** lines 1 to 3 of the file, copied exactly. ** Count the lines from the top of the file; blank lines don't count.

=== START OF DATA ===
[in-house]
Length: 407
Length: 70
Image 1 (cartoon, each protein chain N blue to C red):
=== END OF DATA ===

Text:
[in-house]
Length: 407
Length: 70